Day 2 jury pool
Like Monday's first panel, everyone in the 75-person pool said they were aware of Gray's death and the citywide curfew imposed in response to the unrest that followed. One person said they were unaware of the $6.4 million civil settlement paid to Gray's family by the city.
Two people in the pool stood when asked if they knew Gray.
Monday's pool was dismissed with no indication of whether or how many individual jurors had been dismissed, with Judge Barry Williams telling them to return Wednesday unless "otherwise instructed."
More than 1,400 juror numbers were called to the start of the trial Monday, with the jury pool being ushered into a white marble courtroom adorned with paintings of notable lawyers, including Thurgood Marshall, a Baltimorean who served on the U.S. Supreme Court.
A reminder: Audio or video recording or transmitting equipment are not permitted and electronic devices including cell phones, laptops and tablets, must be turned off inside the courtroom and court overflow room. Cell phones can't be used in the lobby outside of the courtroom. Reporters are only allowed to file updates during breaks.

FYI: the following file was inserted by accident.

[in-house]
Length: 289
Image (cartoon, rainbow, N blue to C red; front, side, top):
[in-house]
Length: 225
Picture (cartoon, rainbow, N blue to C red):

Jury selection in the high-profile case began Monday when 75 residents were interviewed en masse and then in private outside the courtroom. Not much was made clear about the final makeup of the jury; the process could take days.
What is happening today?
A second panel of about 75 potential jurors convened Tuesday morning. A jury of 12 will eventually be selected, with as many as four alternates.
Can an impartial jury be found?
Legal experts said the process is complicated and that certain answers to questions wouldn't necessarily disqualify jurors, much less automatically exclude them. All of them, for example, said they had at least some familiarity with the events surrounding Gray's death.
While the process appeared to be a slow slog, experts said it is a critical first courtroom battle. Defense attorneys have sought to move the trial out of Baltimore, arguing it would be impossible to seat an impartial jury. Williams has denied that request, saying the jurors are screened for bias during the selection process.
Depending on what happens in the coming days, defense attorneys could renew their request to move the trial or raise the issue on appeal if the officer is convicted.
What are the charges against the officer?
Porter is charged with involuntary manslaughter, second-degree assault and misconduct in office.